I came across a reference to "the six perfections" in a daily-quote book that is open on a small table downstairs. I read the short summary and thought, wow this is really good stuff. Its something beside the avoidance of wrong actions, its help with the right actions. Like the bumper sticker that says "Wage Peace." I see this as "Wage Joy." So I googled around and found some more info from a writing by the dalai lama.
The Six Perfections by The Dalai Lama
The first among the six perfections is generosity. Generosity is of three types: giving material aid, giving dharma, and protecting from fear. "Giving dharma" refers to the giving of teachings to other sentient beings out of the pure motivation to benefit them. The phrase does not only refer to high lamas giving teachings seated on high thrones. You should not have the notion that dharma teachings should be preceded by impressive rituals such as the blowing of conch shells and the like. Rather, any instruction given out of compassion and a kind heart by anyone is considered generosity of the dharma.
Next is the practice of morality. Lay people should engage in the practice of morality by abstaining from the ten negative actions — if possible, all ten. But if this is not possible, then at least taking the life of others, telling lies, and indulging in sexual misconduct should be avoided; these are very detrimental, not only for the individual but also for the peace and calmness of a community. Divisive talk is very destructive; it causes a lot of conflict and misunderstanding within a community, and between different communities and different people. Therefore, it is a great obstacle to peace and happiness of mind. The same is true of telling lies. Senseless gossip, although not so destructive from one point of view, is seen from another to be very harmful, as it wastes so much of your precious time. You should also avoid harsh speech and covetousness, as well as harmful intent and holding perverted views. "Perverted views" refers to incorrect views that deny the existence of life after death and the law of causality.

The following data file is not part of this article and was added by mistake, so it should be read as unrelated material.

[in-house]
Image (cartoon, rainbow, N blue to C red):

There are different types of patience: the patience of being indifferent to the harm inflicted by others, the patience of voluntarily accepting hardship, and the patience developed through reasoned conviction in the dharma. Practitioners of dharma should have these types of patience — they should be able to endure hardship — but adopting such patience does not mean that they should not take precautions for their health.
- Joyous Effort
If one has the faculty of joyous effort, one will be able to accomplish the task that one has originally set out to do. Therefore, this faculty is very important for a spiritual practitioner. Generally speaking, there are three types of joyous effort: (1) armor-like joyous effort; (2) joyous effort in gathering virtues; and (3) joyous effort in working for others. The main obstacles to the development of these efforts are the different levels of laziness — primarily the laziness of procrastination, and the lazinesses stemming from indolence and from a sense of inferiority.
Since the practices of concentration and wisdom are treated in separate chapters, only a brief explanation of these is given here.
Generally speaking, concentration refers to a faculty of single-pointedness of the mind that serves as a powerful basis for any given meditation. It is of two types, based on differing functions: mundane and super-mundane concentrations.
Wisdom refers to an analytic faculty of the mind that allows a probing into the deeper nature of things. Broadly speaking, it is of two kinds: the wisdom examining the ultimate nature of phenomena, and the wisdom examining the conventional or relative nature of phenomena.